Young men perceive themselves to be under social pressure to engage in premarital sex. They also perceive that many people approve of sex before marriage, and almost half believe that most or all of their male friends are having premarital sex. Such pressure, favorable attitudes toward premarital sex for males and perceived approval of their sexual behavior could lead young men to engage in risky behavior. For example, 9% of young men reported that their first sexual experience was with a stranger or a sex worker. In contrast, women perceived that their family and friends discouraged them from having premarital sex and disapproved of sex before marriage.
It is unclear whether the parental approval and encouragement to have sex perceived by young men and the disapproval and discouragement perceived by young women are real or merely a result of miscommunication or a lack of communication between parents and children. Some parents may not directly talk to their children about issues of sexuality; instead, they may use indirect means to convey their values, such as restricting or not restricting outside social mobility and social mixing with young people of the opposite sex. Sometimes, such methods miscommunicate the message: For example, if a parent restricts the mobility of a female child while not doing so for a male child, it might convey to them that their parent disapproves of premarital sex for women but not for men when, in fact, the parent may actually disapprove of premarital sexual behavior for both. These issues need to be investigated further using qualitative studies.
Nicaraguan women are likely to find themselves caught between opposing pressures from their boyfriends and from society at large. Although women may feel pressured to have sex to maintain their relationship, the threat of disclosure of their sexual relationship may prevent them from seeking contraceptive and other reproductive health services--increasing their risk of unprotected sex and unwanted pregnancy. A similar scenario exists in Mexico: The majority of ever-pregnant, never-married women reported that they had been persuaded to engage in their first sexual experience through a partner's subtle pressure and promises of a permanent relationship; however, the fear that people might find out about their sexual relationship and that their family would react negatively prevented most women from seeking formal contraceptive or abortion services from providers in the community.14
Though not examined here, another logical consequence of high social pressure on young men to have sex and failure to hold them responsible for the consequences of their sexual activities may be an increased probability of sexual coercion and other forms of sexual abuse of women. This, in turn, may have adverse implications for the social life of young men and women. For example, in many developing Asian and African countries, the perceived threat of sexual abuse, in part, leads parents to unnecessarily restrict their daughters' social mobility and further education once they have reached menarche.15 These issues need to be investigated further in the context of Nicaragua.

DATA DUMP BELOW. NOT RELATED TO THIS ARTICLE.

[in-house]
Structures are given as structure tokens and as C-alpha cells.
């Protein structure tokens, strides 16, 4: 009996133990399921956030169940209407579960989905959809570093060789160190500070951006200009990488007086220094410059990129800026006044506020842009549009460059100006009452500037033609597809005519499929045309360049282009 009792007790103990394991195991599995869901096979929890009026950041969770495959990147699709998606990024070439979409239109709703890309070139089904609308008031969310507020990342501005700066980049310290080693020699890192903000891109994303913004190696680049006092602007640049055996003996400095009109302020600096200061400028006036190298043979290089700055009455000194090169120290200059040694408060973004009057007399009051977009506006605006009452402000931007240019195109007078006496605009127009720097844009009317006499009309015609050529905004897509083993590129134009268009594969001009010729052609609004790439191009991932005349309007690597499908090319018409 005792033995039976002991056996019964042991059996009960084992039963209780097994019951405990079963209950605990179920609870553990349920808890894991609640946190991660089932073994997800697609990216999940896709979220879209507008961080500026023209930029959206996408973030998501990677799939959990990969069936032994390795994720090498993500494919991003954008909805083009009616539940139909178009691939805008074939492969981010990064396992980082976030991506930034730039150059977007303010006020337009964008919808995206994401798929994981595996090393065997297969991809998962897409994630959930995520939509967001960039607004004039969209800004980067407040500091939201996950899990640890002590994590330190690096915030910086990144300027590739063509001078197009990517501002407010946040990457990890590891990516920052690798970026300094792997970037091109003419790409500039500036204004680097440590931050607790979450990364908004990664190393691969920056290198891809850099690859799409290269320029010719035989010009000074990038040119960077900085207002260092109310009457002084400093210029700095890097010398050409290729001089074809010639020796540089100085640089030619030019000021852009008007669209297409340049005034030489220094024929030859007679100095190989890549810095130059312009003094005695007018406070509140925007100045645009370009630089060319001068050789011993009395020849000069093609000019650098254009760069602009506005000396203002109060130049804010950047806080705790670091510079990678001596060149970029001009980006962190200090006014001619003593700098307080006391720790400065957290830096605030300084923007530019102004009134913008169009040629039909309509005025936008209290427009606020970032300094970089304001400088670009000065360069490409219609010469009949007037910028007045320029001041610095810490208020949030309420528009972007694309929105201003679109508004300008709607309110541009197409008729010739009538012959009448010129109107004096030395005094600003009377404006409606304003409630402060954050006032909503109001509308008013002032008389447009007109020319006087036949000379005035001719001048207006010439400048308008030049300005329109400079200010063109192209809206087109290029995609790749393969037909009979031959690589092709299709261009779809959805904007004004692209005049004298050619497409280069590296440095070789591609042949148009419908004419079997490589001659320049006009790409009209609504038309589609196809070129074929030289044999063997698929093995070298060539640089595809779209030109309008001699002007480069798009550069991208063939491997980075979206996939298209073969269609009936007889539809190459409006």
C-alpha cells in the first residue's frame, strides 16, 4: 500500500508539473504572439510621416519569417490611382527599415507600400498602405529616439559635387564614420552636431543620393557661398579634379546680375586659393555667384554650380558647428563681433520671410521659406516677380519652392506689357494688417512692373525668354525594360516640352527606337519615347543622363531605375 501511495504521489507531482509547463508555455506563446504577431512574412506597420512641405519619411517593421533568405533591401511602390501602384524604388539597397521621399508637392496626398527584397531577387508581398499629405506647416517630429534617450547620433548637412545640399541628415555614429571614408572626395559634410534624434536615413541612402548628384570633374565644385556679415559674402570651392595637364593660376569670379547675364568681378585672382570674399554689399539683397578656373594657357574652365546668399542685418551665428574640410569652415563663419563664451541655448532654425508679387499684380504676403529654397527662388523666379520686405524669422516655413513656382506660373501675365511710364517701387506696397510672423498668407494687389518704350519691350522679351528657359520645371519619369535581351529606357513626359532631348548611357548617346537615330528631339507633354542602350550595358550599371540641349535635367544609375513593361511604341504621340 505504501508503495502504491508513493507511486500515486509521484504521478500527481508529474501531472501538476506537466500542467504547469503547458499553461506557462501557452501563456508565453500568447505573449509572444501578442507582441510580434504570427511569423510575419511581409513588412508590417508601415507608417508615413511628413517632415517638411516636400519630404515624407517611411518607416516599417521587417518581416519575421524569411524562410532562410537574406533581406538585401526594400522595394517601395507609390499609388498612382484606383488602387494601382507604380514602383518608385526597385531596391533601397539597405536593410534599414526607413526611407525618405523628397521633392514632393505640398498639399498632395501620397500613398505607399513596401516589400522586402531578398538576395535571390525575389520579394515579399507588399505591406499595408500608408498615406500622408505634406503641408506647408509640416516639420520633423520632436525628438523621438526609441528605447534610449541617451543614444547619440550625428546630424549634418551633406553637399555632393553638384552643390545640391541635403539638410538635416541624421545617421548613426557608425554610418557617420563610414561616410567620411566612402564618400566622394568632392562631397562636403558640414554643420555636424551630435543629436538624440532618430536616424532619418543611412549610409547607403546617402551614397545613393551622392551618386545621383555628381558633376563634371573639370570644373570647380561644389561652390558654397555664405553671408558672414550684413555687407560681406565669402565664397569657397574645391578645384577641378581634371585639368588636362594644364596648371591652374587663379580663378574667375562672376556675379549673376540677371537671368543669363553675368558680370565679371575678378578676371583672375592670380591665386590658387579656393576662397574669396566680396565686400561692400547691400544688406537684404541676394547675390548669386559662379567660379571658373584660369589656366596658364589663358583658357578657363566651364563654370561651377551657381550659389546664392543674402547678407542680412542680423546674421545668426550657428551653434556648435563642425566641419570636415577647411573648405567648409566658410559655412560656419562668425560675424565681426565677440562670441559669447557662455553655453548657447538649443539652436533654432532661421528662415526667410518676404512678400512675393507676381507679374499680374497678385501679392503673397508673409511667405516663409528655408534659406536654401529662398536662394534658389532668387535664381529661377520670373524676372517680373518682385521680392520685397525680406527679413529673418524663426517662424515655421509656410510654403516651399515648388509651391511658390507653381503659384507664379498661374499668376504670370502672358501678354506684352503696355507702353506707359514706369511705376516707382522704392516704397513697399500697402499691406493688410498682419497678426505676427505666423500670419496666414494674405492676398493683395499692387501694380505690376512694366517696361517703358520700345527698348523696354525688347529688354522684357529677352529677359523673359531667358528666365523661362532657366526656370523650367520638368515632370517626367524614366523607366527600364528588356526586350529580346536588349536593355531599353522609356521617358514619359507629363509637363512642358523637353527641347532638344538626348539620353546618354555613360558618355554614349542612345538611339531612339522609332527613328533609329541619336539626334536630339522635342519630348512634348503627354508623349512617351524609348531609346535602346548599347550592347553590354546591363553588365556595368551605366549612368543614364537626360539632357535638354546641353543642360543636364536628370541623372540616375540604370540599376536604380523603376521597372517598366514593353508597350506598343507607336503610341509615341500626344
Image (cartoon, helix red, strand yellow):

However, addressing gender-based double standards may not be simple. Social and cultural constructs that define the sexual norms for men and women have evolved over generations and have been justified and internalized by both men and women. For example, in our study, a greater proportion of women than of men reported having been discouraged from having sex by their mothers, whereas a greater proportion of men than of women reported that their mothers encouraged them to have sex or left them alone. For someone who is born and brought up in such an environment, whether male or female, gender-based double standards may be accepted as the norm, even if they appear blatantly contradictory or unjustified to the outside observer. Hence, an external catalyst may be needed to raise awareness and to address the duality regarding the sexual behavior of women and men.
Overall, peers were identified more frequently than parents, teachers or health care providers as a source of sexuality information. Reliance on peers for information may have serious consequences, as it allows negative attitudes and misperceptions concerning various issues of sexuality to spread easily. Such findings point to the need to work with young adults themselves in the design and implementation of programs such as communication campaigns, youth mobilization and peer education to raise awareness of the risk of unsafe sexual behaviors.
Carefully designed programs that involve all elements of society, including community institutions, can explicitly question differences in sexual norms, raise awareness about their unjust nature and properly educate young people. Several nongovernmental and community-based organizations, such as Puntos de Encuentros, are already active in this arena. However, programs need to recognize the source, magnitude and nature of gender differences if they are to serve as external catalysts for change; our findings may be helpful to organizations and programs in Nicaragua that deal with the double standard in sexual norms.